While it is true that world continues to turn to war, no matter how many times I turn my compost bin, I’ve also learned from permaculture to get right-sized—some of what is happening in our world is in my hands, but mostly, it’s in bigger hands than mine. Knowing that, I embody the permaculture maxim: “If the world is going to end tomorrow, I am going to plant a tree today.” This helps me live through some of the hardest passages of human aggression and cruelty, while cultivating a soil where something else can grow.
This fall I am honored to be offering a year-long permaculture design course with three other women than we call Permaculture from the Inside Out. My co-teaching team is called the 13Moon Collaborative, and we are Kyra Auerbach, Rachel Kaplan, Delia Carroll, and Cassandra Ferrera. Our course is an offering of the classical permaculture curriculum with the addition of a deep focus on the inner environments we inhabit. It is time that we compost consciousness toward peace, as readily as we compost our kitchen scraps. It is the mission of the 13Moon Collaborative to bring the body back into the center of the conversation about sustainability and community resilience. It is our contention that tending to the inner garden, while we tend to the outer landscapes we inhabit, will help us make wiser, more grounded and more appropriate choices with positive and peaceful effects in our world.
Permaculture from the Inside Out, 13 Saturdays, once a month, starting October 2014 and running through October 2015. $1200 early bird registration fee through September 27 (mention the Shift Network when you register). For more information and to register, go to www.13MoonCollaborative.com, or firstname.lastname@example.org. We welcome you in this co-creative journey of growing our sense of peace with creation.
A new law taking effect next week will mark another innovation for San Francisco: The city will be the first in the country to offer a financial incentive for urban farming.
Starting Sept. 8, owners of empty lots could save thousands of dollars a year in property taxes in exchange for allowing their land to be used for agriculture for five years or more.
It’s part of the Urban Agriculture Incentive Zones Act, a state law spearheaded by local sustainable land-use advocates and state Assemblyman Phil Ting, D-San Francisco. The law encourages would-be urban farmers to turn trash-covered empty parcels into gardens with the assurance they won’t be forced out after putting in a lot of time and money.
San Francisco will be the first to enact it because the Board of Supervisors has already passed the necessary local ordinance.
“It takes so much time to get a property in shape for farming, including building fertility in the soil and getting the infrastructure in place,” said Caitlyn Galloway, who has run Little City Gardens on a three-quarter-acre rented lot in Mission Terrace for four years. “That’s why this legislation is a step in the right direction.”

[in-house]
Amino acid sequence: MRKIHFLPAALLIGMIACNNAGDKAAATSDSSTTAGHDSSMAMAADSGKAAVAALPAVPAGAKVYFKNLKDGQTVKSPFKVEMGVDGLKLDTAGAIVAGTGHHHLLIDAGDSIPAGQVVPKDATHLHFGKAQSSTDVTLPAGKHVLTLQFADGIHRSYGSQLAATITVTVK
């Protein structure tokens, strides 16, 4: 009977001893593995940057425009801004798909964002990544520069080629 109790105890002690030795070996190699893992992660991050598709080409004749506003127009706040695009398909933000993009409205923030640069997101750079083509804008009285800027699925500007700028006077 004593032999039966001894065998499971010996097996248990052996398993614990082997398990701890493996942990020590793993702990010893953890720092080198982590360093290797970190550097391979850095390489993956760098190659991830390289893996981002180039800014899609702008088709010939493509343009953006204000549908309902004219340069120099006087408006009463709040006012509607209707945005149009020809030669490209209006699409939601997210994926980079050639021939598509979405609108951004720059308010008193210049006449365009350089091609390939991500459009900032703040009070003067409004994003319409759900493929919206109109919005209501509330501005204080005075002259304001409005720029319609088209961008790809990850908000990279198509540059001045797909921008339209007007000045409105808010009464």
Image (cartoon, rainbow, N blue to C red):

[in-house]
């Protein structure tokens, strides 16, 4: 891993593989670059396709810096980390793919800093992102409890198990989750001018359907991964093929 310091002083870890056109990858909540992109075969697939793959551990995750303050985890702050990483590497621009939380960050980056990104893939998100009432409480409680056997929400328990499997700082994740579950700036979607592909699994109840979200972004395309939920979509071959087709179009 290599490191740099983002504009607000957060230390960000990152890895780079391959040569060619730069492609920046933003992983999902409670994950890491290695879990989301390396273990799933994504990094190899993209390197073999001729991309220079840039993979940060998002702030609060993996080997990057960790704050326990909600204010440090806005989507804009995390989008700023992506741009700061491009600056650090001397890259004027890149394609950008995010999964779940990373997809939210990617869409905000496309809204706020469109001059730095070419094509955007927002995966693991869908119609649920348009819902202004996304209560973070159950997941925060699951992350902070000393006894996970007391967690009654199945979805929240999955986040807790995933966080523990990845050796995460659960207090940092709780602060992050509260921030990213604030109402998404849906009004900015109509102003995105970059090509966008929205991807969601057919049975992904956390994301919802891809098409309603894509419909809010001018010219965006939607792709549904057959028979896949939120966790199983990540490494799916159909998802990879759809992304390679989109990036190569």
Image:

Little City Gardens supplies produce to local restaurants and Bi-Rite Market and is one of the only commercial farms in San Francisco, but educational farms can also take advantage of the law. Cities with much more open space, such as Los Angeles and Sacramento, are closely watching what happens in San Francisco.
The bill was conceived as a way to help cities reduce blight and give residents more opportunities to grow food, even to raise livestock where health codes allow it.
Long waiting lists
“I have heard from literally hundreds of residents who would like to have the opportunity to farm, but the waiting lists for a lot of our community gardens are over two years long,” said Board of Supervisors President David Chiu, who wrote the local legislation. “There is simply not enough space.”
This law could change that.
To qualify, a lot must be at least one-tenth of an acre with no permanent dwellings. The property would be reassessed at the average price for irrigated farmland, currently $12,500 per acre.
For a comparison, the double lot that houses the 18th and Rhode Island Garden has been valued at around $2 million – although its current assessed value is lower since Aaron Roland has owned it for 17 years. Still, after he applies for the tax reduction, his annual $6,000 tax bill will drop significantly.
Roland offered use of the property to permaculture gardeners Kevin Bayuk and David Cody in 2008, who turned it into a demonstration garden that offers permaculture certification courses and hosts school groups. The garden’s pathways and benches are open to the public, and volunteers harvest whatever food it produces for low-income residents.